Anne Trubek: Voices from the Rust Belt

April 5th 6:30-8:30pm at the American Writer's Museum 180 N. Michigan Ave.

Trubek, the founder of Belt Publishing, presents 24 essays by current and former residents of the Rust Belt states that explore the region’s postindustrial decline, as well as its resilience. They reflect upon happy childhoods, successful community ventures, warm refuges for outsiders, and hidden oases of natural beauty. But mainly they are stories drawn from uniquely personal experiences. These essays go a long way toward expanding the narrative about the Rust Belt in that they refute stereotypes, explore a vastly varied series of experiences, and provide a valuable history lesson on industrialism.


Kate Moore March 18th at the American Writer's Museum

March 18th 5:30pm
American Writer’s Museum 180 N. Michigan 2nd floor

As World War I raged across the globe, hundreds of young women toiled away at the radium-dial factories, where they painted clock faces with a mysterious new substance called radium. Assured by their bosses that the luminous material was safe, the women themselves shone brightly in the dark, covered from head to toe with the glowing dust. With such a coveted job, these "shining girls" were considered the luckiest alive - until they began to fall mysteriously ill. As the fatal poison of the radium took hold, they found themselves embroiled in one of America's biggest scandals and a groundbreaking battle for workers' rights. The Radium Girls explores the strength of these extraordinary women in the face of almost impossible circumstances and the astonishing legacy they left behind.

Kate Moore is a New York Times bestselling author who writes across many genres, including biography, memoir, and history. She was also the director of the acclaimed play about the Radium Girls called 'These Shining Lives'.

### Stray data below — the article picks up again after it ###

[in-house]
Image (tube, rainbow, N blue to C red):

Books will be sold before and after the event.


Erin Banco March 13th at the American Writer's Museum

March 13th 6pm
American Writer’s Museum 180 N. Michigan 2nd floor

Pipe Dreams: The Plundering of Iraq's Oil Wealth is a riveting expose of the oil industry by Star-Ledger reporter Erin Banco. Banco traveled to oil-rich Kurdistan - an autonomous zone that the regional government claims holds some 45 billion barrels of crude - to uncover how widespread corruption, tribal cronyism, kickbacks to political parties, and the war with ISIS have contributed to the plundering of Iraq's oil wealth.

The region's economy and political stability have been on the brink of collapse, and local people are suffering. Based on court documents and on exclusive interviews with sources who have investigated energy companies and their dealings with government officials, Pipe Dreams is a cautionary tale that reveals how the dream on an oil-financed, American-style democracy in Iraqi Kurdistan now looks like a completely unrealistic fantasy.

Erin Banco is an investigative reporter at the Star-Ledger and NJ.com. A former fellow at The New York Times and the Middle East correspondent for International Business Times, she has covered armed conflict and human rights violations in the Middle East for years.

Erin appears in conversation with Danny Postel, assistant director of the Middle East and North African Studies program at Northwestern University. Danny Postel is the author of Reading “Legitimation Crisis” in Tehran (2006) and co-editor of three books: The People Reloaded: The Green Movement and the Struggle for Iran’s Future (2011), The Syria Dilemma (2013), and Sectarianization: Mapping the New Politics of the Middle East (2017).

Join us for an interesting discussion followed by a book signing.